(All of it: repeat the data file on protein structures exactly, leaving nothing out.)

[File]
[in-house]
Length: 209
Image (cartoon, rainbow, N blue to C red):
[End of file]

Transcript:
[in-house]
Length: 209
Image (cartoon, rainbow, N blue to C red):